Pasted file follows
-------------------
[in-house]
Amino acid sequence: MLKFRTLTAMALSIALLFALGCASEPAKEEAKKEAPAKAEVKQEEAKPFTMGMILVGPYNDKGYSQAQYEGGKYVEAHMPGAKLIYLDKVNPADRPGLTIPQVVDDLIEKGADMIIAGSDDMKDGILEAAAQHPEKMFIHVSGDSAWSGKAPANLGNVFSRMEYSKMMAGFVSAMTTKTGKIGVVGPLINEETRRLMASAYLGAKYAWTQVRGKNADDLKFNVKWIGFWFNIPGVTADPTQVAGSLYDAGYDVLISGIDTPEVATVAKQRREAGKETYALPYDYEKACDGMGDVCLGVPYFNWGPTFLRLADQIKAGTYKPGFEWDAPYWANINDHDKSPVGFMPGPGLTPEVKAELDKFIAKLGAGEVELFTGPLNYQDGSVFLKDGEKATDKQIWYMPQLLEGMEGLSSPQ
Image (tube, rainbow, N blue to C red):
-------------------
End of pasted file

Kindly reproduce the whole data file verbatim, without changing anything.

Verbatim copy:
[in-house]
Amino acid sequence: MLKFRTLTAMALSIALLFALGCASEPAKEEAKKEAPAKAEVKQEEAKPFTMGMILVGPYNDKGYSQAQYEGGKYVEAHMPGAKLIYLDKVNPADRPGLTIPQVVDDLIEKGADMIIAGSDDMKDGILEAAAQHPEKMFIHVSGDSAWSGKAPANLGNVFSRMEYSKMMAGFVSAMTTKTGKIGVVGPLINEETRRLMASAYLGAKYAWTQVRGKNADDLKFNVKWIGFWFNIPGVTADPTQVAGSLYDAGYDVLISGIDTPEVATVAKQRREAGKETYALPYDYEKACDGMGDVCLGVPYFNWGPTFLRLADQIKAGTYKPGFEWDAPYWANINDHDKSPVGFMPGPGLTPEVKAELDKFIAKLGAGEVELFTGPLNYQDGSVFLKDGEKATDKQIWYMPQLLEGMEGLSSPQ
Image (tube, rainbow, N blue to C red):